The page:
- Release Date: January 17th 2012
- Pages: 334
- Audiobook: 10 hours 51 minutes
- Genre: Science Fiction
- Publisher: St. Martin’s Griffin
Synopsis: The year is 2009. Nineteen-year-old Jackson Meyer is a normal guy… he’s in college, has a girlfriend… and he can travel back through time. But it’s not like the movies – nothing changes in the present after his jumps, there’s no space-time continuum issues or broken flux capacitors – it’s just harmless fun.That is… until the day strangers burst in on Jackson and his girlfriend, Holly, and during a struggle with Jackson, Holly is fatally shot. In his panic, Jackson jumps back two years to 2007, but this is not like his previous time jumps. Now he’s stuck in 2007 and can’t get back to the future.
Forget everything you know about time travel. It’s 2009 and 19-year-old Jackson Meyer can travel through time, but it’s nothing too exciting; until the day he gets stuck in the past.
This book is interesting because it falls more into the New Adult category than Young Adult. Our protagonist, Jackson is a student at NYU and falls into the older side of YA protagonists at 19. His girlfriend Holly, an NYU freshman, doesn’t know he can time travel and is the basic pretty, middle class girl with standards and modesty about her success.
I knew this book has lukewarm ratings so I was hoping the audiobook would help me like it more. I found the narrator to be spotty and at times his voice for a character would become inconsistent. Some of his voices were even kind of annoying. His voice for Holly’s friend Jana was just so ridiculous I couldn’t take it seriously.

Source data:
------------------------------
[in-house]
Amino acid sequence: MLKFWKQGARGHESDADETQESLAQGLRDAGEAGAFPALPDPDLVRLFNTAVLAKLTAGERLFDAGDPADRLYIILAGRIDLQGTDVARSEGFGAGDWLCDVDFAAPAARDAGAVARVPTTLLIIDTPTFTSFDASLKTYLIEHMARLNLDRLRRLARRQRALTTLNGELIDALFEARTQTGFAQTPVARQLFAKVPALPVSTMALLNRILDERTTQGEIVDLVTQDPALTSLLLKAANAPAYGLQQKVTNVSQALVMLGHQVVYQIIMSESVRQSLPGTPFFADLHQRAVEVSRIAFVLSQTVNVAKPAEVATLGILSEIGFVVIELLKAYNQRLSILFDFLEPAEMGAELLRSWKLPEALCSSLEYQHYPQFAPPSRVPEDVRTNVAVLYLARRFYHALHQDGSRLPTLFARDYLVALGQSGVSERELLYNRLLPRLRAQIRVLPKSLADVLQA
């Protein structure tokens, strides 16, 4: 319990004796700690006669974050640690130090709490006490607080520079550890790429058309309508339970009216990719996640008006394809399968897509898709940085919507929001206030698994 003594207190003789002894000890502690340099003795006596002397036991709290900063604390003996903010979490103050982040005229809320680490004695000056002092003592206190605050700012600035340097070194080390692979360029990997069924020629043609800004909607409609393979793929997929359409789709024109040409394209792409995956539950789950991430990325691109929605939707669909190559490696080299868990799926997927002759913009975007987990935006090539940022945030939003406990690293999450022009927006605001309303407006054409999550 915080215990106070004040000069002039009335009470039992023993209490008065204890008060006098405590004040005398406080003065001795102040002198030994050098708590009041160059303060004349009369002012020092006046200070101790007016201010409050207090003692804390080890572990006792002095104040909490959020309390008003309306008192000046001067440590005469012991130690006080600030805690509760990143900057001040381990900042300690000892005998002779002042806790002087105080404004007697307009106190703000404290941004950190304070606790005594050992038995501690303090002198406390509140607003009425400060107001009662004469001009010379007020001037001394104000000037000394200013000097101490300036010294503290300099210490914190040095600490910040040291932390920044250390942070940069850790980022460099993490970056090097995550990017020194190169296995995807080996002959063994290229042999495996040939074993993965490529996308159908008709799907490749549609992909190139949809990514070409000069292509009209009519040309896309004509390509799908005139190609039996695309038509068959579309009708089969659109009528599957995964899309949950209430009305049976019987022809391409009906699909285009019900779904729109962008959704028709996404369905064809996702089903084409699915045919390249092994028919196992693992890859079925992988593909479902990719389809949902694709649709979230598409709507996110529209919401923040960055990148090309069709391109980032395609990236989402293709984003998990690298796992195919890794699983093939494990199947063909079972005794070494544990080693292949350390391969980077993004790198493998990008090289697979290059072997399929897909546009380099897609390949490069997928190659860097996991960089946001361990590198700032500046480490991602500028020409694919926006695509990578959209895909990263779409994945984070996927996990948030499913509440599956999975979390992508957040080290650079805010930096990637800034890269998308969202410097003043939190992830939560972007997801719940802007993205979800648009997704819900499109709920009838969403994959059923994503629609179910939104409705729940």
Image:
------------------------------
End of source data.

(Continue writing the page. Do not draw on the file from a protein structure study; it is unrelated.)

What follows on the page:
I won’t be spoiler-y but basically when something happens in the present to Holly, Jackson panics and time travels away only to gets stuck in the 2007. Now he needs to figure out what happened to Holly and how he can save her
This is where my biggest pet peeve comes from. Jackson doesn’t do anything to actively try and save Holly. For a while he just chillaxes in 2007 and tries to date the 17 year old version of Holly. Jackson is relatively weak as the novel’s protagonist here. A lot of the time he is protected and treated like kid and not a 19 year old. When he makes discoveries about his origins it just doesn’t make sense that no one would have told him.
This novel reminded me of Breaking Dawn in it’s structure. It is so cluttered by odd moments, side stories and characters.
Some people rated this book low because the time traveling wasn’t made super clear and while that was confusing it isn’t what bothered me. I mean up until the end the time traveling is pretty straightforward. The book includes dates for some chapters to help clear up timeline.
The ending did end in kind of a cliffhanger and with a lot of loose ends so, I think I will continue with the series.
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I’m a lifelong reader who started blogging about YA books in 2011 but now I read in just about every genre! I love YA coming of age stories, compelling memoirs and genre bending SFF. You can find me talking all things romance at Romance and Sensibility.